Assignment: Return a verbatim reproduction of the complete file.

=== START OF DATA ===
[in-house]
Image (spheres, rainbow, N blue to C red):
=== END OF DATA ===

[in-house]
Image (spheres, rainbow, N blue to C red):